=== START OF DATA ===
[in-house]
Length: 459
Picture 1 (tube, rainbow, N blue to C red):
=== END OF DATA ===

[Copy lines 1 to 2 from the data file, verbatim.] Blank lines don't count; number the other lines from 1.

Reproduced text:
[in-house]
Length: 459